The Day We Lost Amarah

|

The Shiite militia run by anti-American cleric Muqtada al-Sadr seized total control of the southern Iraqi city of Amarah on Friday in one of the boldest acts of defiance yet by one of the country's powerful, unofficial armies, witnesses and police said.

A full AP report. It certainly provides some helpful context for this report on the future of the U.S. in Iraq from the Washington Post. The money quote:

Richard N. Haass, a former Bush administration foreign policy official, told reporters yesterday that the situation is reaching a "tipping point" both in Iraq and in U.S. politics. "More of essentially the same is going to be a policy that very few people are going to be able to support," said Haass, now the president of the Council on Foreign Relations. He added that the administration's current Iraq strategy "has virtually no chance of succeeding" and predicted that "change will come."

I had been–and still am, somewhat–skeptical that public disenchantment with the war would prove decisive in next month's congressional elections. But may the New York Times be right and me wrong.

NEXT: Asking the important questions...

Editor's Note: We invite comments and request that they be civil and on-topic. We do not moderate or assume any responsibility for comments, which are owned by the readers who post them. Comments do not represent the views of Reason.com or Reason Foundation. We reserve the right to delete any comment for any reason at any time. Report abuses.

  1. Is it a civil war yet, Mr. Rumsfeld?

  2. I don’t think the war issue will be decisive, except in a few swing districts.

    Unless, of course, Al Queda & clones decide to help the GOP once more by pulling off a spectacular attack between now and Nov 7.

  3. I’ll never understand why we didn’t put a bullet in al-Sadr when we had the chance.

    The fact that we didn’t is one reason why I would respond to any poll on “are you satisfied with the way the war has been handled” with a resounding “no”.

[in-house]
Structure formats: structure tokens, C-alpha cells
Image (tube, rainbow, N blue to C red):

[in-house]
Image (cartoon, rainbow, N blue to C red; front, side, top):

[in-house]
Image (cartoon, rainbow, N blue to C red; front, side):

Which would of course be spun and misrepresented as “anti-war”, when I’m really more “anti-losing-the-war”.

  4. De Stijl, I say no.

    But, I define a civil war as a war that breaks out as a result of the standing government spliting. I use our own civil war as an example. This has yet to happen, but it keeps getting closer.

    Civil war is not necessary for Iraq to go belly up. The sectarian violence can destroy the country on it’s own. The government need not break up, just become ineffective and moot. That is what’s happening.

  5. Well, damn.

  6. Maybe the Brits and Yanks could divvy up Iraq and make some new countries. That always works out well.

  7. But R C, let’s say we had killed al-Sadr when we had the chance. Maybe, maybe this town wouldn’t have been taken over. But don’t you think we killed or captured just about everyone we’ve had the chance to?

    I guess I’m wondering if our failure over there has less to do with not being tough enough and more to do with not having planned enough and the implications of the fact that many, if not most, of the civilians in charge don’t know the difference between Sunni and Shia.

  8. I’ve got nothing against a dead Muqtada al-Sadr, but what good would it have done?

    Allowed him to be replaced by someone who wasn’t a dilletante at guerilla tactics? It’s not as though the Mahdi Army would have gone home and taken up needlepoint.

  9. RC Dean initiates the next phase of “why we lost” silliness: we didnt kill the right (soon to slide into “enough” )people. Its a regular hobbyhorse of the “we COULD have “won” in Viet Nam if” bunch.
    Yup, we coulda offed the guy. And then, what? as pointed out above, the guy is a crackpot & amatuer. His soldiers are deleuded cannonfodder. But he’s an Iraqi, I cant help but notice. Last I looked, the Serious Thinkers behind this idiot bloodbath arent.
    FURTHERMORE, our usual high explosive bigfoot tactics (we HAVE no actual strategy) generate support for our putative enemies, NOT support for the US military (us, in this case)
    And I say “putative” because, frankly, Iraqis fighting to throw out a foriegn occupying army are not my enemy. To be my enemy, they would have to threaten my liberty.
    My liberty is threatened by political forces here.
    Every act of repression makes his movement stronger.
    Every excuse to turn the US into a “national security state” makes my REAL enemies stronger.
    Iraq used to be a well educated secular tyranny. With HUGE US support. Then our mad dog slipped his chain. Surprise surprise.
    I think we’ve killed more than enough Iraqis, & got killed more than enough of our kids……or aint this enough blood for you?

  10. MUTT wins.
    (the comment page, the war, eh, ain’t no winners, yet, if ever.)

  11. MUTT:

    Ditto.

  12. God damn, the light at the end of the tunnel IS a train.

  13. “I guess I’m wondering if our failure over there has less to do with not being tough enough and more to do with not having planned enough and the implications of the fact that many, if not most, of the civilians in charge don’t know the difference between Sunni and Shia.”

    Les, which civilians are you speaking of, the Iraqi civilians in charge of the Iraqi government, or the civilians in the US government, or some other bunch of civilians?

  14. which civilians are you speaking of, the Iraqi civilians in charge of the Iraqi government, or the civilians in the US government, or some other bunch of civilians?

    I would hazzard to guess “George Bush”

Please to post comments

Comments are closed.